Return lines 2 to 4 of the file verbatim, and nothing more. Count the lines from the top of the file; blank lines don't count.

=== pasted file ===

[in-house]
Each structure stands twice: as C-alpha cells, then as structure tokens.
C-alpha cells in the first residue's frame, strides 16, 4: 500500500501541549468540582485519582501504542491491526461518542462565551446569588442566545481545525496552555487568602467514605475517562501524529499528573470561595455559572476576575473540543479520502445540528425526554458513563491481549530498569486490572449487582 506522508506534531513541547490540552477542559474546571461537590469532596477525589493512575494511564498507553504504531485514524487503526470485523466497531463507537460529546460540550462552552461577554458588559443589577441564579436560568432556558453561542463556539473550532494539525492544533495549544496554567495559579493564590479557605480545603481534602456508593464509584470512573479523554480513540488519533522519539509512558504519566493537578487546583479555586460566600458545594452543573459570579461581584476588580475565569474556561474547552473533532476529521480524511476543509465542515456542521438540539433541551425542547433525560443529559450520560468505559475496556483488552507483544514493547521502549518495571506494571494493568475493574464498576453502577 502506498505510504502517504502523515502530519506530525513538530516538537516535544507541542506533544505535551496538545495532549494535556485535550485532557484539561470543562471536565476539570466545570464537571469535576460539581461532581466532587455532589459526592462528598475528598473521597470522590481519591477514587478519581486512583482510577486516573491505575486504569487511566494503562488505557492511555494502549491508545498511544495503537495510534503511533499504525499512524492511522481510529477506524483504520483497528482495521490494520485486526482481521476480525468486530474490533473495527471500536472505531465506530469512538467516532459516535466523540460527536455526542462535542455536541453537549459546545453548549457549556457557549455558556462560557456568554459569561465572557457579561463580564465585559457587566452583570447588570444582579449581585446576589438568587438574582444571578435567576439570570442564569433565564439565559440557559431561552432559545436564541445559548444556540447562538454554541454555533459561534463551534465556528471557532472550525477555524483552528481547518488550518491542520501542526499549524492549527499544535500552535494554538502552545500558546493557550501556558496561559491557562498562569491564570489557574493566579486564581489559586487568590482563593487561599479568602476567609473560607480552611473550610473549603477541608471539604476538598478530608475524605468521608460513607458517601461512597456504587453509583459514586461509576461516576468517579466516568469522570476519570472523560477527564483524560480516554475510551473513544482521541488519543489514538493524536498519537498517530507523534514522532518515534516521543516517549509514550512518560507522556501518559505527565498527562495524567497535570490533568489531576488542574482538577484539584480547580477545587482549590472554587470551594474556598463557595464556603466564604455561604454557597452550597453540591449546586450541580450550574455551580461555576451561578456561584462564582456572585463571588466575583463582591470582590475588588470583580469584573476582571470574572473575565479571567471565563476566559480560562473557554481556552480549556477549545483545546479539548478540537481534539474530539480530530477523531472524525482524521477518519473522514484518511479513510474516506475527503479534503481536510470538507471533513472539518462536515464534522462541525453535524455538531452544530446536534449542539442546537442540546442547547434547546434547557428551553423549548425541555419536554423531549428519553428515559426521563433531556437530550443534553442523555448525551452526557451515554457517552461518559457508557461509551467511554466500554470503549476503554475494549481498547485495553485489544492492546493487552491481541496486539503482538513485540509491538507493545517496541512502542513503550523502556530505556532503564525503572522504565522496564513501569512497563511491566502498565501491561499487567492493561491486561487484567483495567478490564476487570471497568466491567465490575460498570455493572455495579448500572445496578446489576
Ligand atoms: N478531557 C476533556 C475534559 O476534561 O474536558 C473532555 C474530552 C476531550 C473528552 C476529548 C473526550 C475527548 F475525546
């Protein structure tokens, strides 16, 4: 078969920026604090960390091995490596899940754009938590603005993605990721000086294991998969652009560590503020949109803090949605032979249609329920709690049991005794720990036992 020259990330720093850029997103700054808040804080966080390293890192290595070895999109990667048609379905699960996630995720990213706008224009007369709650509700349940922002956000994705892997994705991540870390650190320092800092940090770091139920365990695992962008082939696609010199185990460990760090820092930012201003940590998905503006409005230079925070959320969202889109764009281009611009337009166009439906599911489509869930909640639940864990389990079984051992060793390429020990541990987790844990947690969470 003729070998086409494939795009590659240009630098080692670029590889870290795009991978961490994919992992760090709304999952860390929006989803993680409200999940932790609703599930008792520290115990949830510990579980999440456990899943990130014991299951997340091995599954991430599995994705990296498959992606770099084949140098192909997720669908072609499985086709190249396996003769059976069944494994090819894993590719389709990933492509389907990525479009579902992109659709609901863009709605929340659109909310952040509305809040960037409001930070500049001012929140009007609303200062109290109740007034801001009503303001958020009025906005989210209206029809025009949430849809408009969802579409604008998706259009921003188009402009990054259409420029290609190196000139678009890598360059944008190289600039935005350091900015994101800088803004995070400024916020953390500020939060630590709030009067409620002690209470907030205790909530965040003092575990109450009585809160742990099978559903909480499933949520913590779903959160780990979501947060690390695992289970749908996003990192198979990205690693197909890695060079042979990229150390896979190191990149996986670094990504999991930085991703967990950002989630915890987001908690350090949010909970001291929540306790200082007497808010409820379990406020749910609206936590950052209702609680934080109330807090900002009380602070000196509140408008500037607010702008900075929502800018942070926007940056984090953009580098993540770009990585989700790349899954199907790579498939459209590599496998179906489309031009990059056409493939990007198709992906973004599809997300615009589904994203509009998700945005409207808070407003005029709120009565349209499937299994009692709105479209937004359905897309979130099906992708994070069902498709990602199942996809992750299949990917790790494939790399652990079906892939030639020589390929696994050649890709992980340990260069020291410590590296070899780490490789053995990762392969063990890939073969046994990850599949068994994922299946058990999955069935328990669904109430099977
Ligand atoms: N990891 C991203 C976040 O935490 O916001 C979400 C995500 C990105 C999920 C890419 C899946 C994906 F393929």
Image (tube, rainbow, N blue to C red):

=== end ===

Each structure stands twice: as C-alpha cells, then as structure tokens.
C-alpha cells in the first residue's frame, strides 16, 4: 500500500501541549468540582485519582501504542491491526461518542462565551446569588442566545481545525496552555487568602467514605475517562501524529499528573470561595455559572476576575473540543479520502445540528425526554458513563491481549530498569486490572449487582 506522508506534531513541547490540552477542559474546571461537590469532596477525589493512575494511564498507553504504531485514524487503526470485523466497531463507537460529546460540550462552552461577554458588559443589577441564579436560568432556558453561542463556539473550532494539525492544533495549544496554567495559579493564590479557605480545603481534602456508593464509584470512573479523554480513540488519533522519539509512558504519566493537578487546583479555586460566600458545594452543573459570579461581584476588580475565569474556561474547552473533532476529521480524511476543509465542515456542521438540539433541551425542547433525560443529559450520560468505559475496556483488552507483544514493547521502549518495571506494571494493568475493574464498576453502577 502506498505510504502517504502523515502530519506530525513538530516538537516535544507541542506533544505535551496538545495532549494535556485535550485532557484539561470543562471536565476539570466545570464537571469535576460539581461532581466532587455532589459526592462528598475528598473521597470522590481519591477514587478519581486512583482510577486516573491505575486504569487511566494503562488505557492511555494502549491508545498511544495503537495510534503511533499504525499512524492511522481510529477506524483504520483497528482495521490494520485486526482481521476480525468486530474490533473495527471500536472505531465506530469512538467516532459516535466523540460527536455526542462535542455536541453537549459546545453548549457549556457557549455558556462560557456568554459569561465572557457579561463580564465585559457587566452583570447588570444582579449581585446576589438568587438574582444571578435567576439570570442564569433565564439565559440557559431561552432559545436564541445559548444556540447562538454554541454555533459561534463551534465556528471557532472550525477555524483552528481547518488550518491542520501542526499549524492549527499544535500552535494554538502552545500558546493557550501556558496561559491557562498562569491564570489557574493566579486564581489559586487568590482563593487561599479568602476567609473560607480552611473550610473549603477541608471539604476538598478530608475524605468521608460513607458517601461512597456504587453509583459514586461509576461516576468517579466516568469522570476519570472523560477527564483524560480516554475510551473513544482521541488519543489514538493524536498519537498517530507523534514522532518515534516521543516517549509514550512518560507522556501518559505527565498527562495524567497535570490533568489531576488542574482538577484539584480547580477545587482549590472554587470551594474556598463557595464556603466564604455561604454557597452550597453540591449546586450541580450550574455551580461555576451561578456561584462564582456572585463571588466575583463582591470582590475588588470583580469584573476582571470574572473575565479571567471565563476566559480560562473557554481556552480549556477549545483545546479539548478540537481534539474530539480530530477523531472524525482524521477518519473522514484518511479513510474516506475527503479534503481536510470538507471533513472539518462536515464534522462541525453535524455538531452544530446536534449542539442546537442540546442547547434547546434547557428551553423549548425541555419536554423531549428519553428515559426521563433531556437530550443534553442523555448525551452526557451515554457517552461518559457508557461509551467511554466500554470503549476503554475494549481498547485495553485489544492492546493487552491481541496486539503482538513485540509491538507493545517496541512502542513503550523502556530505556532503564525503572522504565522496564513501569512497563511491566502498565501491561499487567492493561491486561487484567483495567478490564476487570471497568466491567465490575460498570455493572455495579448500572445496578446489576
Ligand atoms: N478531557 C476533556 C475534559 O476534561 O474536558 C473532555 C474530552 C476531550 C473528552 C476529548 C473526550 C475527548 F475525546